Coronavirus: Call for inquiry and urgent action after ‘shocking’ disability death stats

Disabled people’s organisations have demanded an inquiry into the reasons behind the disproportionately high number of deaths of disabled people during the pandemic, following the publication of “shocking” and long-overdue official figures.

They have also called on the government to take urgent action to protect disabled people from COVID-19, after the figures showed younger disabled women were as much as 11 times more likely to die from coronavirus than non-disabled women in the same age group.

They spoke out after the Office for National Statistics (ONS) finally produced the first official figures* to show how many disabled people in England and Wales have died from COVID-19, four months after the UK’s first recorded death.

Despite the shocking figures, their publication passed almost unnoticed in the media.

And they came as the government announced a further relaxation of the restrictions affecting disabled people who have been shielding during the crisis (see separate story).

The new figures show that younger disabled males (those “limited a lot” in daily life and aged between nine and 64) were 6.5 times more likely to have died due to COVID-19 than non-disabled males, while disabled females between nine and 64 were even more at risk, with a rate of death 11.3 times higher than non-disabled females in the same age group.

For older people, the rates were 2.4 for men aged 65 and over and 3.2 for women.

The figures also show that about 22,500 disabled people of all ages died due to COVID-19 between 2 March and 15 May, compared with about 15,500 non-disabled people.

Among those aged between nine and 64, there were about 1,600 deaths of disabled people (including both those “limited a lot” and those “limited a little”), compared with about 2,100 non-disabled people.

Mike Smith, the former disability commissioner of the Equality and Human Rights Commission and now chief executive of the east London disabled people’s organisation Real, was among those backing calls for an inquiry.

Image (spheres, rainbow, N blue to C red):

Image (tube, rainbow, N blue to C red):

He told Disability News Service (DNS): “These numbers show the harsh reality that lies behind the statements that COVID-19 only affects ‘older people and those with pre-existing conditions’.”

He added: “There is an urgent need for government to recognise this and provide adequate support for disabled people to remain safe and have a viable existence.

“We need a public inquiry into this that takes into account this massive differential in deaths, and whether this was compounded by NICE and BMA guidance on who should receive support.

“Otherwise thousands more disabled people will die unnecessarily because our lives are not valued.”

Smith said the figures showed the failure to anticipate the need to monitor and evaluate the impact that coronavirus could have on disabled people, and the consequent failure to warn disabled people “about the disproportionate risk of death and give them adequate support and protection”.

He said: “Even if the government hadn’t realised at the beginning, they should be taking further action now to protect disabled people, rather than significantly reducing the lockdown without regard to our lives.

“The government need to provide additional support for those who will need it to remain alive, let alone stay safe, instead of shutting down the measures for those who are shielding.”

The ONS report also concludes that the risk of a disabled person dying falls once social factors such as population density, socio-economic status (for example, whether someone is unemployed), whether a person owns their own home, the composition of their household, and the deprivation of the area where they live, are taken into account.

Accounting for these factors, and for age, the rate of death is 1.9 times higher for males who were limited a lot and 2.4 times higher for females who were limited a lot, compared with non-disabled people.

But Smith warned against putting too much emphasis on these lower figures.

He said: “The whole point is you’re more likely to be in poverty or experience other social disadvantage if you’re disabled.

“It would be disingenuous to ignore the headline figures, and emphasise those factors, because that treats disability in purely medical model terms.

“It does not take into account all of the factors in life disabled people face above and beyond their impairment – the social factors that are actually what make people disabled.

“I can understand the need for ONS to try and understand the figures, but they need to be careful in their language, so it is not perceived that they are explaining away the problem.”

Fazilet Hadi, head of policy for Disability Rights UK, said the government must bear some responsibility for the disproportionate number of deaths of disabled people, and she also called for an inquiry into the causes.

She said the virus had led to a “cull” of disabled people which explained why they had been “living in fear” since the outbreak began.

She said: “Government failed to protect disabled people from the start of this outbreak.

“It knew where we were. It knew many of us received care in the community and in supported accommodation and care homes.

“It prioritised the NHS over social care when they should have had parity.”

She added: “Support for care home residents was slow in coming and people with coronavirus were actually placed in care homes.”